According to the sources available on Sinan’s works, he produced more than four hundred works. It may be safer to say that these works were built or renovated during his lifetime. We shall not attempt to describe each and every one of Sinan’s works but rather concentrate on the most important ones within their categories, as well as those which are most representative of his art.
Some Important Religious Complexes (Kulliye ) Kulliyes were complexes with diverse social functions, the most important of which was the religious one. The main building of the complex was the mosque, followed by the medrese. The complex would usually also include the following premises: a public kitchen or refectory, a guesthouse, a hospital, a school, a hamam, a fountain, a water distribution kiosk and different shops. The tomb of the person who had ordered the project would generally be situated within the complex. Kulliyes situated on the main caravan routes would include, in addition to the kervansaray, a prayer hall, a hamam, a refection hall, shops and stables. The kulliyes were powerful social poles, and the fact that they were conceived .as vaklfs ensured their continuity. The activities they brought about considerably stimulated the urban development of the areas in which they were built. Therefore many kulliyes were built in newly settled areas in order to help them develop. The duties and rights of each kulliye were specified in detail in the foundation charter and the people in charge of the vaklf implemented the terms of the charter.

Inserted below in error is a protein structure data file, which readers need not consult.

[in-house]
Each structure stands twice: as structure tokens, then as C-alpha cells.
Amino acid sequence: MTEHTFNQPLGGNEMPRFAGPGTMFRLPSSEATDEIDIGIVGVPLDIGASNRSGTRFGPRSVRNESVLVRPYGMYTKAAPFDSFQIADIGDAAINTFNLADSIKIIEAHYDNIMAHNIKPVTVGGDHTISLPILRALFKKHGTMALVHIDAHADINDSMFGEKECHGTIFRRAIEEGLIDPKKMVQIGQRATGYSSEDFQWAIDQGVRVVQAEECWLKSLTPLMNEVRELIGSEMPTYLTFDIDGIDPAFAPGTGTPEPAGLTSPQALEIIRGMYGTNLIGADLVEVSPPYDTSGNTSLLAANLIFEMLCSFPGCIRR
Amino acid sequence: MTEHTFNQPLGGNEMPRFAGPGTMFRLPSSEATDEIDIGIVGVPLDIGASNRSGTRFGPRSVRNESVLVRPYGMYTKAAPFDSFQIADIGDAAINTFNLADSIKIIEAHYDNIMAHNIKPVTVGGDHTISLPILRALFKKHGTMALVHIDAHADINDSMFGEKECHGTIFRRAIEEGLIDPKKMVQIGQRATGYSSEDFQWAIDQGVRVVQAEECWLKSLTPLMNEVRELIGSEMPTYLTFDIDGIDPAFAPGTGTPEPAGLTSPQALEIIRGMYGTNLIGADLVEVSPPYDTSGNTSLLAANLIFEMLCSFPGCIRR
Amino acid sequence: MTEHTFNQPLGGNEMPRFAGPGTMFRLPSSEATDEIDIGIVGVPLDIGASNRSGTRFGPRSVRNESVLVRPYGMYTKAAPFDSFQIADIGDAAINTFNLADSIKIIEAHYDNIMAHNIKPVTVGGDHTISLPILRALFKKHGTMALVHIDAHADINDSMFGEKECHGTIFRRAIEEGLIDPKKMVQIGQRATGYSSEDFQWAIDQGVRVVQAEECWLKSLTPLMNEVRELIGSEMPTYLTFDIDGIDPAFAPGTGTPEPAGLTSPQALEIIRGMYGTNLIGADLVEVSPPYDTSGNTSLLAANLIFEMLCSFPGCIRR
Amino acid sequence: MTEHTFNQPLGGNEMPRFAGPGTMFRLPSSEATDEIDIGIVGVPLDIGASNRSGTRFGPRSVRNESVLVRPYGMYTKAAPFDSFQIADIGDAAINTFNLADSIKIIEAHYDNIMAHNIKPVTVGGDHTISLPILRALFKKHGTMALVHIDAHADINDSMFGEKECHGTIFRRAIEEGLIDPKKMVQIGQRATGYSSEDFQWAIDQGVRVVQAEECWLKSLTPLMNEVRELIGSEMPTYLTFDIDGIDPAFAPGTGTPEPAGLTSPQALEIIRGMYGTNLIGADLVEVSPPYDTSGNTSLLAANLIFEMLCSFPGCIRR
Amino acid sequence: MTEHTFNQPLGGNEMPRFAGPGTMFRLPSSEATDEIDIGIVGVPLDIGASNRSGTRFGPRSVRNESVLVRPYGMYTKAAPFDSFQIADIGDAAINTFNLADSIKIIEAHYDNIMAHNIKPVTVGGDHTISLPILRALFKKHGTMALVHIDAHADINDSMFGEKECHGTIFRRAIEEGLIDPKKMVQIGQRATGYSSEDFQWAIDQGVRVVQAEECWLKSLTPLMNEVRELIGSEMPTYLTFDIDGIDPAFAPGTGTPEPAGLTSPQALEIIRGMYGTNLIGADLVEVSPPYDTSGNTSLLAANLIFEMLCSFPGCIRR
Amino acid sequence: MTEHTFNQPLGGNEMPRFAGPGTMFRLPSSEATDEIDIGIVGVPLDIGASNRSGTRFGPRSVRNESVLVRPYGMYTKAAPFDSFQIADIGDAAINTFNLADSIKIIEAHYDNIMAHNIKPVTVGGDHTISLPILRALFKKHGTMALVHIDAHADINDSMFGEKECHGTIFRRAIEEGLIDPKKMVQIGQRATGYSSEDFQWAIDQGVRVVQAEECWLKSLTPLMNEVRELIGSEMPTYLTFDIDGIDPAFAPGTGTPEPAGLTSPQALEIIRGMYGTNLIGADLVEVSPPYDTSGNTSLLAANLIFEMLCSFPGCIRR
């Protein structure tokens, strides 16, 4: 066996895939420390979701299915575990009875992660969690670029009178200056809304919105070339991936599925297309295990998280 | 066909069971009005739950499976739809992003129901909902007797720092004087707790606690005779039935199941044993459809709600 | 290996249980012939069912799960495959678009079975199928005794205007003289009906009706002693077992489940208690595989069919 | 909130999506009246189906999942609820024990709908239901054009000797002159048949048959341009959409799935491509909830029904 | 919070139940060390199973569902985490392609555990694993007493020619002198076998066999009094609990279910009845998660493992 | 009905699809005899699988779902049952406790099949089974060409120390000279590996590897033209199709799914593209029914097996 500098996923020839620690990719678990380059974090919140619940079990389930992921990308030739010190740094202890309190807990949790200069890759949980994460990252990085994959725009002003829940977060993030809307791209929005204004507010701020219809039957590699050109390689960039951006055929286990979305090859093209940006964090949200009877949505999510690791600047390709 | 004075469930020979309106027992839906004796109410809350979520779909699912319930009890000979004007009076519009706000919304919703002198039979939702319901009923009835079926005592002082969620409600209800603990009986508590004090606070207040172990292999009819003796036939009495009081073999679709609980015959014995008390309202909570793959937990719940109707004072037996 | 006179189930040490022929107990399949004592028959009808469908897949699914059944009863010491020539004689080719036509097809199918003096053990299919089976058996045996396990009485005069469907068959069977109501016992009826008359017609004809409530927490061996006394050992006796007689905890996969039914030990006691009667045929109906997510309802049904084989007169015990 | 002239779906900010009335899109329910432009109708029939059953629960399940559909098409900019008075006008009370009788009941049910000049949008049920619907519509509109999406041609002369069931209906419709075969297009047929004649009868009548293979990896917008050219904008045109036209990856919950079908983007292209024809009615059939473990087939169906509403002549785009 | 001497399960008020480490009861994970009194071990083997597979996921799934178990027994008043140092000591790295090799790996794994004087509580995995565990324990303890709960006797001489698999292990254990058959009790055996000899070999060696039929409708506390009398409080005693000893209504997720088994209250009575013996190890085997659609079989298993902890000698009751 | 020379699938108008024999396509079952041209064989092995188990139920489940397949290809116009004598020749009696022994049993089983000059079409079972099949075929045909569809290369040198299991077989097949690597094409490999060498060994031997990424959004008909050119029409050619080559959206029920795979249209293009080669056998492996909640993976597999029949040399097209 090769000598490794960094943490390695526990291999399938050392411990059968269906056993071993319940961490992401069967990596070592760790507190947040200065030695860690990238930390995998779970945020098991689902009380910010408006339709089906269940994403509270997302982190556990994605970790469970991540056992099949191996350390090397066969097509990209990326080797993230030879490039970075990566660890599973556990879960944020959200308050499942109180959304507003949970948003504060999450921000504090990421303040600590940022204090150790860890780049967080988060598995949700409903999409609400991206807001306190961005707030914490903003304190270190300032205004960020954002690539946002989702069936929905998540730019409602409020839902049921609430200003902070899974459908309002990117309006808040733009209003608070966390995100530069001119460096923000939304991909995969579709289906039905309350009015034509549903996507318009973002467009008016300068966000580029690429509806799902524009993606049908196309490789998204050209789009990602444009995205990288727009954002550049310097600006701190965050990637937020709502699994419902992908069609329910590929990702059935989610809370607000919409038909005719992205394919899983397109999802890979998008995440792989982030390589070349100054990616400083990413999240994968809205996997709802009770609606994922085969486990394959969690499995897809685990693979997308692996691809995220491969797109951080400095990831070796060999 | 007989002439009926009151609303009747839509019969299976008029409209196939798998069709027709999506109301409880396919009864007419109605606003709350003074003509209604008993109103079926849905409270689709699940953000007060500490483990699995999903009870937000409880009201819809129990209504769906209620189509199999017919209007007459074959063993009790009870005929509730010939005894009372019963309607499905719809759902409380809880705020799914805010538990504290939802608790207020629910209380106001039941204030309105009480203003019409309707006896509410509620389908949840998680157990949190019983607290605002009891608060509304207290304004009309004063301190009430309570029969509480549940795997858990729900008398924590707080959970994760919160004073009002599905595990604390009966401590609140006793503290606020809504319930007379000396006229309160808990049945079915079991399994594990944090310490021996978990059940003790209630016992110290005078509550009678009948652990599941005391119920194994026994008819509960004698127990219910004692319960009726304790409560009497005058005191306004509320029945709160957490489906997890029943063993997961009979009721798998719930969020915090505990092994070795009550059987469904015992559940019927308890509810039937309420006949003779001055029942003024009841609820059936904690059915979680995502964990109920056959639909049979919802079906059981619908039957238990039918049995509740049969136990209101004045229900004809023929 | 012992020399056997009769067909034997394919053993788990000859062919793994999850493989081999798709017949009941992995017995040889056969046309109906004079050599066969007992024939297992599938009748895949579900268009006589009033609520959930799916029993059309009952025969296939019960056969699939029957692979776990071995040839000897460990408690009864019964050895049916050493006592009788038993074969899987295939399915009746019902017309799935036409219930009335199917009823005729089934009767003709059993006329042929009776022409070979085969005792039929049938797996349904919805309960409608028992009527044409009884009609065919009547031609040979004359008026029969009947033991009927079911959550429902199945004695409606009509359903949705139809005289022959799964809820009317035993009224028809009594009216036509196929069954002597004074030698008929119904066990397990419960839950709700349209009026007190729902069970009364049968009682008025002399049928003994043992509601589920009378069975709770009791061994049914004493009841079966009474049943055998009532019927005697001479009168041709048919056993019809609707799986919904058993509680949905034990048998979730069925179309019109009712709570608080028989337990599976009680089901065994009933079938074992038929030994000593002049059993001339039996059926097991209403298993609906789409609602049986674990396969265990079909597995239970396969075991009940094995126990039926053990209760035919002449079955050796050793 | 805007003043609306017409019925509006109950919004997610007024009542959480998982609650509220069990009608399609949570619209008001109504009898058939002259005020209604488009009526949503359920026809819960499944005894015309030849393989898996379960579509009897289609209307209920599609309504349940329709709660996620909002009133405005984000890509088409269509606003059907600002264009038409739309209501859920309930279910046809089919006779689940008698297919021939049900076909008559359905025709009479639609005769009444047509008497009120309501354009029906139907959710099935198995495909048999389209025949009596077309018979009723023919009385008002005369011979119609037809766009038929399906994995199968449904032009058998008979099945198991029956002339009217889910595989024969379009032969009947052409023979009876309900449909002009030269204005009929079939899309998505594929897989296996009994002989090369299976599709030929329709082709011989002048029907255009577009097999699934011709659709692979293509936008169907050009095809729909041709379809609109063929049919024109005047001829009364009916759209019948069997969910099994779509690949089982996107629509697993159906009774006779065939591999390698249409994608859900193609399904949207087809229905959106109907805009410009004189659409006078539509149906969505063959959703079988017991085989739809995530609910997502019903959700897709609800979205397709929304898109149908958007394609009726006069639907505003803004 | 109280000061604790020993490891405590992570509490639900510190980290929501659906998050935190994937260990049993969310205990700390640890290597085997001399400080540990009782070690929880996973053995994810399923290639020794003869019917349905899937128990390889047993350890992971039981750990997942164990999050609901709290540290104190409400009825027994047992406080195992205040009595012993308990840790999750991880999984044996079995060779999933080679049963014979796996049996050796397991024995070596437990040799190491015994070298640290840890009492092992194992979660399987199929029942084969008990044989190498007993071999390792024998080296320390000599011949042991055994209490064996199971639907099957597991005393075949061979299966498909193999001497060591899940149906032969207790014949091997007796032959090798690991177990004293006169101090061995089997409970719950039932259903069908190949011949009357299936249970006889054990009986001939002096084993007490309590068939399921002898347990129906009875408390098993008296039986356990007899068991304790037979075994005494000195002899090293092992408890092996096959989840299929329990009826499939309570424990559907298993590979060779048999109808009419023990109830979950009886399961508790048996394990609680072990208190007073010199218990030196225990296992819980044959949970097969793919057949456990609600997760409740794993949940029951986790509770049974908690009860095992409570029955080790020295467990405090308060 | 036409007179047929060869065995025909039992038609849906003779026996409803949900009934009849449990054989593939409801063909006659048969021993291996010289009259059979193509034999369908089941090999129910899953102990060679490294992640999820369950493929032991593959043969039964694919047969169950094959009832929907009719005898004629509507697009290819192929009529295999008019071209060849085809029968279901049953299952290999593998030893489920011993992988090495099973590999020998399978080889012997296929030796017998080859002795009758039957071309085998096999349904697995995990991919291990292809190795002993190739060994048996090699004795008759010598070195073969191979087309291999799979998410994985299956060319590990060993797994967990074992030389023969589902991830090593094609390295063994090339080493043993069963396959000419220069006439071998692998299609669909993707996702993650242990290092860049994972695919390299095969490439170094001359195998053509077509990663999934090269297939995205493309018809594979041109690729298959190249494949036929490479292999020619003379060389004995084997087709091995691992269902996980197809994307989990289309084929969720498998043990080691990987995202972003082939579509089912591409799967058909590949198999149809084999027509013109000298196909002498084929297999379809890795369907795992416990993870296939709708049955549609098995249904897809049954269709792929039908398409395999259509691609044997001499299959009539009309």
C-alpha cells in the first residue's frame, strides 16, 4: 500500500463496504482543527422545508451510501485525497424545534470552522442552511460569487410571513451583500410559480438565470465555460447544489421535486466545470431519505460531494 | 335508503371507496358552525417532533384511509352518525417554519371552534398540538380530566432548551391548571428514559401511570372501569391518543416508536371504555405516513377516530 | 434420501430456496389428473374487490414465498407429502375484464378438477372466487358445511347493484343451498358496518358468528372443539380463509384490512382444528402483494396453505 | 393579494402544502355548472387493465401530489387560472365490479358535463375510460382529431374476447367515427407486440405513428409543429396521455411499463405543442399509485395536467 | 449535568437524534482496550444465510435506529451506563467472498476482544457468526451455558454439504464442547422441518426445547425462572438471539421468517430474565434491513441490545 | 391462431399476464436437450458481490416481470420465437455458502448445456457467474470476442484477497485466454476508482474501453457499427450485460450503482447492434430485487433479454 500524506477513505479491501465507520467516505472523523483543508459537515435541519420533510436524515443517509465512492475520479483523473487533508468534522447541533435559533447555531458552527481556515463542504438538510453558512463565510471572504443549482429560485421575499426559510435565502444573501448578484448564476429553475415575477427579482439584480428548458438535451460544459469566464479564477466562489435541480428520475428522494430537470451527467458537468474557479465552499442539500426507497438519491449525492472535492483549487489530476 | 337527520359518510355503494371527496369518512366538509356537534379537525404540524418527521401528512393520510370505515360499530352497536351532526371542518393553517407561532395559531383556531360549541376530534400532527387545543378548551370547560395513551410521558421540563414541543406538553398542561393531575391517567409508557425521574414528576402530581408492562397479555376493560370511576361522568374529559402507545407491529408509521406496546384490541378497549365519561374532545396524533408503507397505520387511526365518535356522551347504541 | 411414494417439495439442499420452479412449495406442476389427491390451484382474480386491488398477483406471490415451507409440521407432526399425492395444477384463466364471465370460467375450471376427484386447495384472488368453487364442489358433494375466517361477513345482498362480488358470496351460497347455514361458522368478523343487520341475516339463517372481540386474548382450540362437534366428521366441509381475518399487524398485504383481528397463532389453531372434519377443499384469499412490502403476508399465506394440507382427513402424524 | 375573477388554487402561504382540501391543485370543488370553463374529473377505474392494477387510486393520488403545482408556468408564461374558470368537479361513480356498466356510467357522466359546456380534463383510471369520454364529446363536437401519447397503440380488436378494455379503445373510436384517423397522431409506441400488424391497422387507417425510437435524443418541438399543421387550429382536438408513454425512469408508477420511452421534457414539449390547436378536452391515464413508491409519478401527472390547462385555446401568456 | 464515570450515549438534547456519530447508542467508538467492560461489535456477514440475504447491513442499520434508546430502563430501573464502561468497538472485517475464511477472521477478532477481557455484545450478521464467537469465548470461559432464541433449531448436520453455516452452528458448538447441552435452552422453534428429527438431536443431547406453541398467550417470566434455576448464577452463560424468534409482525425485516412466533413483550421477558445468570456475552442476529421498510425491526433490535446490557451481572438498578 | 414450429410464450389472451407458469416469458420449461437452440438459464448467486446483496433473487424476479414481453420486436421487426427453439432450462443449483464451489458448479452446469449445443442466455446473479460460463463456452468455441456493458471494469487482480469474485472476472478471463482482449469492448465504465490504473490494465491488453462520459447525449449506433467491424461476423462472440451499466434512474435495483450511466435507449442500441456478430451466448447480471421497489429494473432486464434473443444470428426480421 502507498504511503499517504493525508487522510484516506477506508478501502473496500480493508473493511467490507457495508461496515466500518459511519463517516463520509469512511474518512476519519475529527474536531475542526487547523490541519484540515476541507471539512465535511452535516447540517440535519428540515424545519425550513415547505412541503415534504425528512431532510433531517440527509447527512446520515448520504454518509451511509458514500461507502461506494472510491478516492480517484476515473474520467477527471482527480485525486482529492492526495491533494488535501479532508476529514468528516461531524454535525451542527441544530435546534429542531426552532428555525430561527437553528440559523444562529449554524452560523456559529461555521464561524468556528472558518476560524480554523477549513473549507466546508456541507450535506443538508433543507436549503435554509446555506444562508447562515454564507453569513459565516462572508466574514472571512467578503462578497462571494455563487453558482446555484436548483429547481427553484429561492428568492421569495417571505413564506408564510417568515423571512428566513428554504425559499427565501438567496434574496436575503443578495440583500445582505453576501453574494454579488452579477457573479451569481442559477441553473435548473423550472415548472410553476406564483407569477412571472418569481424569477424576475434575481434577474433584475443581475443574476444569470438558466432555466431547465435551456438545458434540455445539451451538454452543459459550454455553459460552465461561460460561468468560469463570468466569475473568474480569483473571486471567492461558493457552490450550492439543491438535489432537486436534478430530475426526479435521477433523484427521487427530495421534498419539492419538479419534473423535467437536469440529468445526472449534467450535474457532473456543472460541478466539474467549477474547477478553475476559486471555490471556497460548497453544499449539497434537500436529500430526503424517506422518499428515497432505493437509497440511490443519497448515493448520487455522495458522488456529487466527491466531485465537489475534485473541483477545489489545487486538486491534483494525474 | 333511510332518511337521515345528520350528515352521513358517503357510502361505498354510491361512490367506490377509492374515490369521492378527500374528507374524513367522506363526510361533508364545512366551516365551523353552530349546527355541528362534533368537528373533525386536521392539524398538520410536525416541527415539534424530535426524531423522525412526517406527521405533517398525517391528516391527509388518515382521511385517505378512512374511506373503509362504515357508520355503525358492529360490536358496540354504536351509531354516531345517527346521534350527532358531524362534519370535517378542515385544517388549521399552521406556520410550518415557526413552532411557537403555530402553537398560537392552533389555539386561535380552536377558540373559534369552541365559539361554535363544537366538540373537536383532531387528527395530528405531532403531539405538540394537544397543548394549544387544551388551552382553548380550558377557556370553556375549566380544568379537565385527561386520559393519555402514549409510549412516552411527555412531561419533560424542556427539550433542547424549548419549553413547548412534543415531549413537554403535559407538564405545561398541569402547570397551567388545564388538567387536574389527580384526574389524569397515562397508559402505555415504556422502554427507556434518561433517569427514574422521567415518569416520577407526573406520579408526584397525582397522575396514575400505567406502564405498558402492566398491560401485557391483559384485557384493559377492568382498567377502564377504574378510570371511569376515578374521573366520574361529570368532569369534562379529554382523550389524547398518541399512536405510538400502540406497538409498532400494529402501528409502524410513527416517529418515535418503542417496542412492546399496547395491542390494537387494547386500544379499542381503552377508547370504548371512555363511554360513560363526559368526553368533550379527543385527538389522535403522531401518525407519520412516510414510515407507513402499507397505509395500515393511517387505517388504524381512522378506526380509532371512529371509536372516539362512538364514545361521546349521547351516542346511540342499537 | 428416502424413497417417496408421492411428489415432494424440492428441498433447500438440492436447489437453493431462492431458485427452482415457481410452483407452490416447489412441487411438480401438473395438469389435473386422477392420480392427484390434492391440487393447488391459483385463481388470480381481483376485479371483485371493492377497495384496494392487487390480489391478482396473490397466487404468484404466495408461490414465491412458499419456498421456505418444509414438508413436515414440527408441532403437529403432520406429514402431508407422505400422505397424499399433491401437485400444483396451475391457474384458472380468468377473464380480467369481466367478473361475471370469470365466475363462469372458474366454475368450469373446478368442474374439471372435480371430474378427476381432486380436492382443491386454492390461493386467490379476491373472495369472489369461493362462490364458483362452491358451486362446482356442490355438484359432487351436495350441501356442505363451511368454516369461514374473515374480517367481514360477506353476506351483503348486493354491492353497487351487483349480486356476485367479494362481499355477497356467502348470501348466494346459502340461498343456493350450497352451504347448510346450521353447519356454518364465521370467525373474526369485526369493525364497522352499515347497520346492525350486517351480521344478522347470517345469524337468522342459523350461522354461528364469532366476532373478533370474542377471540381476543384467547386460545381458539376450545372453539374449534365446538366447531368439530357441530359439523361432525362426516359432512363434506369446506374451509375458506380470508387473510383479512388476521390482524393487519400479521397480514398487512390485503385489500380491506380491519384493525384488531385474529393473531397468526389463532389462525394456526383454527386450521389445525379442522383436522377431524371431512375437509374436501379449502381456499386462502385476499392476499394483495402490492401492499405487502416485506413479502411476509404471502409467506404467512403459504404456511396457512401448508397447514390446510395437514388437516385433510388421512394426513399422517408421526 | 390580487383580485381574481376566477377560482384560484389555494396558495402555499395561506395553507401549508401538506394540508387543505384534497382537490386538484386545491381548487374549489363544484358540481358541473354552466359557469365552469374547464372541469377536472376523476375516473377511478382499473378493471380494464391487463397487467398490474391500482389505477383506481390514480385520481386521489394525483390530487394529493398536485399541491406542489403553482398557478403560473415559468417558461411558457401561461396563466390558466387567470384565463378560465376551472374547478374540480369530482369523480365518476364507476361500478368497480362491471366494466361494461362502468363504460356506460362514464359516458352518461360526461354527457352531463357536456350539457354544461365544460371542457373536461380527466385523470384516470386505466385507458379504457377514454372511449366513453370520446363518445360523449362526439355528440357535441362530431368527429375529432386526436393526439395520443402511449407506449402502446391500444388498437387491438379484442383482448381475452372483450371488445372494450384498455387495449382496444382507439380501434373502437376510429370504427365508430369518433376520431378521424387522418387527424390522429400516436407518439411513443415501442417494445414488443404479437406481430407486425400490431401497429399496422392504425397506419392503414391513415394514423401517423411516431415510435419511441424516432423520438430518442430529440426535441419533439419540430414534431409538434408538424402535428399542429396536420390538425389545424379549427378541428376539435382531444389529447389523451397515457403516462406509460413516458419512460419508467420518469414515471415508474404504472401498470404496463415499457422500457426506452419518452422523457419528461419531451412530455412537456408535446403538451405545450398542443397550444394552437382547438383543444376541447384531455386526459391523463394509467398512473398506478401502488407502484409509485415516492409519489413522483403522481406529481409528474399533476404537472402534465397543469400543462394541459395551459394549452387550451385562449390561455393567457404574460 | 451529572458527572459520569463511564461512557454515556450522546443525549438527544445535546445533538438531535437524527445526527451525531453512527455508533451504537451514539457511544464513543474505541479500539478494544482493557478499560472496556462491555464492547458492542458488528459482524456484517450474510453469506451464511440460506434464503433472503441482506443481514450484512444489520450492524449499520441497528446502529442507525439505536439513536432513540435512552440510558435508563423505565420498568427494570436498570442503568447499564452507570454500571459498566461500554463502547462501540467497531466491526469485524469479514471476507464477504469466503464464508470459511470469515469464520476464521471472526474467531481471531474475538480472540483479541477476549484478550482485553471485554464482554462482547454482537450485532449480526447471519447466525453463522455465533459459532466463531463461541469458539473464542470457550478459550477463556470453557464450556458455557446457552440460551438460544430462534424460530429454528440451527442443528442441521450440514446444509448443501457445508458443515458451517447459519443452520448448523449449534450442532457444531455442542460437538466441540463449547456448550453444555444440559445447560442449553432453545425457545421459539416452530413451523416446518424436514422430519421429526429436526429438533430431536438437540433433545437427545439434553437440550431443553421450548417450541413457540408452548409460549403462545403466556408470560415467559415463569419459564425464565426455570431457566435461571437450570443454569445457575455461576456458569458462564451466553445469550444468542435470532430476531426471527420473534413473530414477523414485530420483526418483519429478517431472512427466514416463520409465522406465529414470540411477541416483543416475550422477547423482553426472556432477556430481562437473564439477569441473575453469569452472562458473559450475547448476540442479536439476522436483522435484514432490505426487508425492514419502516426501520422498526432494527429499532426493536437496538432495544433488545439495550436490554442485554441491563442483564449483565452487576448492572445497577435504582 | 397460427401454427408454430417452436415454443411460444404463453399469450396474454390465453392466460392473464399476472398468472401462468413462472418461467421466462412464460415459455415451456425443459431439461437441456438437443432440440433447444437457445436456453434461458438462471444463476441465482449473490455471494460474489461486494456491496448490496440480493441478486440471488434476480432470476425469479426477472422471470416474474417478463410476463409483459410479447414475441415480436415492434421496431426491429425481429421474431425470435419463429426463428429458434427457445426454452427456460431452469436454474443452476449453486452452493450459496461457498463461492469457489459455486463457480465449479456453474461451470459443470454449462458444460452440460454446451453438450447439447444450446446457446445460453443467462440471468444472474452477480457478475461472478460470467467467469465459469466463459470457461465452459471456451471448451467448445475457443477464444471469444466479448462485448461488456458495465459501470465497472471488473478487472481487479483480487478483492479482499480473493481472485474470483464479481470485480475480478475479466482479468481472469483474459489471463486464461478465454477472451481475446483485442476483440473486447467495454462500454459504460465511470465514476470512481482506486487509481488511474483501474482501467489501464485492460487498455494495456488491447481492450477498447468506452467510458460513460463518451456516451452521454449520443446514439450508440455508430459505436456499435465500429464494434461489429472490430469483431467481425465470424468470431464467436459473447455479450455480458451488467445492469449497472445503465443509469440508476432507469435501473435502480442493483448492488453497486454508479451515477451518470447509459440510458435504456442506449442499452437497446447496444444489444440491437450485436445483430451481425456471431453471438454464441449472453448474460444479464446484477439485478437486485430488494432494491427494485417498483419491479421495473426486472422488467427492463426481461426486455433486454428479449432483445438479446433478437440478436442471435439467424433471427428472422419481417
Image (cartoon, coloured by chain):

The kulliyes designed by Sinan are exquisitely conceived, be it from the point of view exquisitely of the site chosen, the integration to an often rough and uneven terrain, or the harmony achieved with the city’s general skyline. Most of them are situated on hilltops or on the sea shore where they can easily seen. They strike the eye as one approaches the city, constituting an inseparable part of its silhouette. The choice of the site is not only related to the Kulliye’s appearance from afar, but also to the view one has of the city from inside the complex, a view enhanced with the spectacle of the sea offered by the shores of the Bosphorus and the Golden Horn. It is in adapting his design to sloping terrains that Sinan has shown a most special talent. Solving such problems seems to have been like some sort of entertaining crossword puzzle for him. These kulliyes entertaining can be easily reached from different ground levels while offering a rich variety of perspectives. The different buildings forming the kulliye are very skilfully situated at levels corresponding to their function and importance. The final result is a well graded complex offering a fine appearance visible from afar, and forming an organic whole dominated by the mosque.